In case you weren’t aware, Donald Trump Jr., our so-called “President’s” eldest son, “is a skilled outdoorsman and a member of the National Rifle Association who owns dozens of firearms, among them a Benelli Super Black Eagle II (for hunting waterfowl) and an AR-platform semiautomatic rifle (for marksmanship competitions),” which is why Don Jr. “connects with heartland voters in a way that his more refined sister Ivanka may not.”
It’s also important to know that Prince Donald is no spoiled brat:
Despite the advantages of wealth, Mr. Trump said his life at home was not always easy. “In our family, if you weren’t competitive you didn’t eat,” he said. “You had to fight for what you wanted.”
Trump Jr. carries the twin burdens of wealth and power with admirable grace, but sometimes he wishes he could shrug them off:
Even as he embraces his new status in business and politics, Mr. Trump sounds, at times, as if it is some kind of anomaly.
“If I could miracle myself away,” he said, “I would live out West.”
On behalf of everyone in the great state of Montana: please, God, not here. In fact, if I could miracle Donald Trump Jr. away, I would.
On Fox, Tucker Carlson says this:
“Many on the left, the cultural left, the frivolous cultural left...hate the culture of the military because it is warlike and masculine…”
Many on the right, the cultural right, the troglodyte cultural right, worship the culture of the military in order to project masculinity by association. The pudgy and formerly bow-tied Mr. Carlson--he stopped wearing bow ties because too many people made fun of him and the ridicule “wore [him] down”--is a prime example of this pathetic gambit and of its futility: Tucker Carlson trying to act tough is like putting war paint on a puppy.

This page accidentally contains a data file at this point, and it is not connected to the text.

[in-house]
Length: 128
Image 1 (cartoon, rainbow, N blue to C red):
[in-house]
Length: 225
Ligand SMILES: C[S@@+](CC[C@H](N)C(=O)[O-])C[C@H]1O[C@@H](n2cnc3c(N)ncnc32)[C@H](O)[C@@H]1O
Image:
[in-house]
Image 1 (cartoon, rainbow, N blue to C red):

Mr. Carlson also scored this devastating rhetorical point against a guest who criticized the proposed elimination of the National Endowment for the Arts:
“What role did the NEA play in, say, the battle of Fallujah?”
That bon mot should go right alongside Stalin’s classic “How many divisions does the pope have?” as a dismissal of the value of anything non-military. Carlson refers to NEA funding as “welfare for rich liberal elites,” which is equally hilarious, especially coming from someone whose father once served as president of the Corporation for Public Broadcasting, another target of the Trump administration’s budget ax.
In conclusion, as Wonkette would say, f--k Tucker Carlson and his little brother Buckley Swanson Peck Carlson.
At The Week, Jen Doll ponders the eternal conundrum: when someone asks “How are you?” should you answer honestly or just say “Fine”? It’s especially important, Ms. Doll notes, in the wake of November 8, 2016, a day that will live in liberal and electoral infamy, a day when “It’s the End of the World As We Know It” became our new national anthem--but, I would remind Ms. Doll, the song’s refrain goes on to say “And I Feel Fine”.
William Falk (editor of The Week) wins the “Banality of the Day” award for beginning his latest editorial with this blindingly obvious observation:
Our health-care system has a fundamental flaw: It's far too expensive.
Mr. Falk then doubles down on banality by opining that “too many people and companies have a vested interest in a health-care system that's the most expensive and inefficient in the civilized world. So that is what we’ll continue to have, no matter whose name precedes ‘care.’”
Those who can, think; those who can’t, apparently, edit.